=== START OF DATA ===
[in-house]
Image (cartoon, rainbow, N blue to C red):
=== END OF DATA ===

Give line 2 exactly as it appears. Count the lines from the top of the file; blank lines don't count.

Image (cartoon, rainbow, N blue to C red):